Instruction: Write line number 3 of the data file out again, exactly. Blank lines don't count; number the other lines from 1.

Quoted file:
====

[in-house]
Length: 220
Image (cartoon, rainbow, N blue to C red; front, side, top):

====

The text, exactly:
Image (cartoon, rainbow, N blue to C red; front, side, top):